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Concrete evaluation

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adnan Newbie

Joined: 17 May 2015
Posts: 1

PostPosted: Sun May 17, 2015 1:24 pm    Post subject: Concrete evaluation Reply with quote

any one on this forum kindly help in my project. i want to evaluate concrete slab for cracks in my project. For this purpose i crated a microstrip patch antenna on hfss using fr4 substate at 1.2 ghz freq in hfss.

q1) is microstrip good for concrete evaluation as other antennas are not available in my country?

q2) should i insert U slot to make wide band?

q3) how to find lengths of u slot when using fr4 substrate read many research papers could not find any formulas by hit and trial its not working.
the return loss required is <-10 but inserting U slot wont give the required return loss.

q4) After antenna is designed on hfss what should i do next as i have to implement on hardware also. our supervisor says we have to get resolution of concrete cracks how do we get resolution?

q)5 As project is not gpr. i want to have tx and rx antennas which should strike concrete and after reflection it should be received.

q)6 how should i give power to tx and rx antennas. should i use oscilloscope or any modules?

waitng for reply. (new sorry for my bad english).
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Joined: 29 Jan 2015
Posts: 64

PostPosted: Sun May 24, 2015 3:06 am    Post subject: Reply with quote

a microstrip patch antenna might be an OK choice, the principle drawback is going to be narrow bandwidth. the long "ringdown" time of a very narrow band antenna may have an impact on your ability to receive the signal you're looking for.

of course if you can build a patch, you can build a planar monopole/dipole antenna on FR4. itoh has a paper on "quasi-yagi" (look it up) that might be a nice solution for you, too. it has a semi-directional pattern but you can get a fair bit of bandwidth out of it.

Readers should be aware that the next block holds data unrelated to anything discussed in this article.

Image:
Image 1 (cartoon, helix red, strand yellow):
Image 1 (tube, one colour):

if you're above 1GHz, FR-4 is questionable for a patch due to its relatively high loss tangent. loss in the substrate will make the impedance BW appear broader than it otherwise would be, but the antenna efficiency will be lower. unless you're actually building an air-patch (e.g., with plastic standoffs separating the patch element from the ground plane). then with respect to loss you're probably fine. if you're literally building a patch on a solid FR-4 substrate then the patch height is probably pretty thin, 62 or 128 mils (these are common FR-4 thicknesses) and the best way to improve BW is not with a U-slot but by simply increasing substrate thickness. if you use standoffs to increase the patch thickness, then basically it is an air cavity and the lowering of the epsilon towards 1 (from ~4.5 for FR-4) will increase the BW as well. aperture feeding (rather than probe feeding) the patch can also help achieve broad bandwidth (with the help of a matching stub on the feedline beyond the aperture).

what do you mean by "resolution"? downrange or crossrange or something else? this is likely a RF systems design issue, not an antenna issue per se.

sounds a lot like GPR to me -- how is it different?

what do you mean by "power to the tx and rx antennas"? DC power or RF power?
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